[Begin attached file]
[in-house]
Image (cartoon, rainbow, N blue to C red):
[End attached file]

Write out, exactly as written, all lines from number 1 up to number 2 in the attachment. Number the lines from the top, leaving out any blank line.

[in-house]
Image (cartoon, rainbow, N blue to C red):